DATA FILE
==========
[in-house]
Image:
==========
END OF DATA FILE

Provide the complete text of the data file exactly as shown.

[in-house]
Image: